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2014 – The Year of Organise

Willow

It’s funny how synchronicity works. How you only suddenly notice that different aspects of your life keep throwing up the same lesson to you and that you know, you could acknowledge it now or acknowledge it later but either way, it seems to be the lesson you’re learning right now.


For me, this year, I feel like “organise” is it. When a baby comes along, I think you start to drown without organisation. In the beginning I was all winging it and stuff but the only real way I’m finding I’m able to feel less overwhelmed and get some air is to be organised. The only way I can get out the door remotely close to the planned time in the morning is if I’ve packed the baby bag the night before. And it only takes a couple of times of having to soothe a screaming-the-house-down upset baby whilst the bottles are in the steriliser and then in the freezer to cool down enough before you clue up to the fact that you should be ahead of the game. Now, no matter what happens, I’m making up at least 12 hours worth of bottles before I go to bed. I’ve even leapt out of bed at close to 1am when I realised I didn’t have enough bottles as back up and stayed up boiling kettles and prepping. Because, then, no matter how much hits the wall in the day ahead of you, at least you have bottles. And there have been a day or two when we’ve gone through what I thought would be 12 hours worth of bottles before lunch. I didn’t realise what people meant when they said you need to organise with a baby. I didn’t really get that it meant you have to organise everything else around the baby, not the actual baby herself.


I started the February round of the 12WBT today. And one of the things Michelle really drums into your head is the need to be organised to get this done. The very first round we did (ooh was that 2012 now??) we were organised and it really worked out. And then I found in subsequent rounds, if I hadn’t really worked out how things would go at the beginning of the week, well, it didn’t really happen. Because when all hell breaks loose, you drop the things you haven’t really thought through properly. Thinking just complicates things when you’re in put out the fire mode. This time, I actually sat down and planned out this week  – when we might need to cook things days ahead, when exactly (as in what timeslot) I would do which workouts (she gives you what you will do for the day ahead of time) and I thought through properly what I actually need to do, with mini milestones, towards reaching my goals. I’d like to be running 5km by the end of this gig. That means I need to be running say 2.5 km by the end of 6 weeks etc. We get the shopping lists on a Thursday so you have all the ingredients you need at the beginning of the week. And that really makes such a difference. Today, I was rushing with lots of things on and a very unsettled baby. It would have been easy to eat something less than optimum if I didn’t already have most of it preassembled (thanks to C) in the fridge. Grabbing the healthy option then became as fast as any other.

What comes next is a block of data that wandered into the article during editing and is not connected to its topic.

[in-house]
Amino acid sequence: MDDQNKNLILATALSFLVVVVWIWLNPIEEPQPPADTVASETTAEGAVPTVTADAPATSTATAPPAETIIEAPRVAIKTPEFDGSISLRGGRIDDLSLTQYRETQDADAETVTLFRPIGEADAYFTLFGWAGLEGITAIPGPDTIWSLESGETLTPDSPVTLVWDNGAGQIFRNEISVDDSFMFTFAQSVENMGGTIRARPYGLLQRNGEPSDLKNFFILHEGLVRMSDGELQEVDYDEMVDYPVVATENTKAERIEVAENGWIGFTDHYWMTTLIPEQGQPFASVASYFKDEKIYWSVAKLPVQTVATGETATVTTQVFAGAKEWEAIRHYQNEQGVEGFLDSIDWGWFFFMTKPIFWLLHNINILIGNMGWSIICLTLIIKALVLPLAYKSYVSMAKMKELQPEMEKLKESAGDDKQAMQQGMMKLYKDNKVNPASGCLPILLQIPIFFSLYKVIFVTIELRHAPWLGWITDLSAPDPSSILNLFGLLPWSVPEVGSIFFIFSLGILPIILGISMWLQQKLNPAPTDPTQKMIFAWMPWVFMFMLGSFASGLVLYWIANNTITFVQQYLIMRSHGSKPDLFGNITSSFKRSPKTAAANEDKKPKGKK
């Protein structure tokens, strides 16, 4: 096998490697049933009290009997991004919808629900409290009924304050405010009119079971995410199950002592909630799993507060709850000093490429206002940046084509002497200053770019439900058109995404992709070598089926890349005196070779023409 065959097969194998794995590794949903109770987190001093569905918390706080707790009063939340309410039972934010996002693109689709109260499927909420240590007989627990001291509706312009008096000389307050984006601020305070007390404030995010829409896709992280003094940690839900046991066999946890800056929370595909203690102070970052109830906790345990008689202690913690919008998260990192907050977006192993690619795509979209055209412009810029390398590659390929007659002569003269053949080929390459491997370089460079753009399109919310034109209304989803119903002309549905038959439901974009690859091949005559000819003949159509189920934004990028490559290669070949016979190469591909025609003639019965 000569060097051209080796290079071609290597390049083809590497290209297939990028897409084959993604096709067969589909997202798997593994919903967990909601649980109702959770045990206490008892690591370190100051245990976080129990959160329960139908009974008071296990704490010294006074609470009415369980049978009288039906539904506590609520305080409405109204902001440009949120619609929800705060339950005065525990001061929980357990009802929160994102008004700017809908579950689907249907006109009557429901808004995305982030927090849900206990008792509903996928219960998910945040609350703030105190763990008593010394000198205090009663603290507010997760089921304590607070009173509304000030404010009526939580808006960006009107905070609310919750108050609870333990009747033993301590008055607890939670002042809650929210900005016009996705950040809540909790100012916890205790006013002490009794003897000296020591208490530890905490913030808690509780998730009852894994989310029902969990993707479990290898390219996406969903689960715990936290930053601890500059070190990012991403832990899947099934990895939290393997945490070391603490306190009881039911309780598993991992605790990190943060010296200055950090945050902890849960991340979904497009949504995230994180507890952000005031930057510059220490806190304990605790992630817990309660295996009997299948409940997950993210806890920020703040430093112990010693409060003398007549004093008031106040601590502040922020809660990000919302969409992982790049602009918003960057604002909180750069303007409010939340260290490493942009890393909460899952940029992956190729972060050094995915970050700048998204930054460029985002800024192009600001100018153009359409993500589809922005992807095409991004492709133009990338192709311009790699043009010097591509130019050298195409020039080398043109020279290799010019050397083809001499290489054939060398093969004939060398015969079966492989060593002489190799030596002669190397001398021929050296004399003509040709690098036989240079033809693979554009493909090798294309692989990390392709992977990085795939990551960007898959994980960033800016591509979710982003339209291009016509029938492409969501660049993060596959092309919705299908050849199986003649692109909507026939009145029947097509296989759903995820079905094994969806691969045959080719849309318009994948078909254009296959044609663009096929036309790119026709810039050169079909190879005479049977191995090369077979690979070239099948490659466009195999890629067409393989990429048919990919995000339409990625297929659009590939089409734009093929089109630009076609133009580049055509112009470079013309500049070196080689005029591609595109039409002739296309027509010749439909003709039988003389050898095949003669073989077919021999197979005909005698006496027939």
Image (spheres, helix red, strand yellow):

David Allen really emphasises the need to be organised in GTD, obviously. And one of the elements of the weekly review – the look ahead at the week to come – is becoming more and more glaringly obvious how important that is. Michelle Bridges calls it red flag days, where you know you will have issues either with following your nutrition plan (say you have a lunch or dinner out or your day is filled with appointments that makes getting your exercise in difficult). Allen talks about how you put something near the front door so you don’t forget to leave the house with it as an example of looking for things before they show up and blow up. I’m not always good at getting to this part of the weekly review but damn it’s annoying when I haven’t and hugely gratifying when I have, and have put in place the things I need to have done so things don’t blow up. The other day, we calmly walked out of the house at 8.30, within 5 minutes of deciding to leave because I’d done all the preparation the night before. Because I knew that would be hard for me to do so I did all the hard work ahead of time. Allen calls it the “ick factor” when you do things not because they are good for you – like brushing your teeth – but because you can’t stand the ick. After it not bothering me for ever so long, I now can’t stand leaving the kitchen with mess. I don’t like going to bed without clean benches. It just icks me now, in a way it didn’t before. I wonder what other new habits I might pick up inadvertently due to ick.


I in no way have this “organised” thing sorted. But I’m hyperaware of how it is arising across aspects of my life and how much of a difference it makes when I am organised vs when I am not. I think somehow by the end of this year, I might see myself as a much more organised person than I do now. The thing I don’t yet understand though is how you don’t require more time somewhere in the equation to be able to both do the things you need to do today as well as spend time today preparing things ahead of time for tomorrow. Or, put another way, what was I doing with this time before? It upsets me to think that I might have been doing nothing with it. Or worse, that it might be a bit like how if you put all your things away as soon as you finish using them, you never have to put time aside in the future to tidy up. And you don’t really notice the time you took to say put your shoes back in their spot. I think most likely it all takes the same amount of finite (your whole life allotment) time but one version allows you to live it a lot more stressfree. I think I’m just in the adjustment phase towards that constant state of being. I hope.





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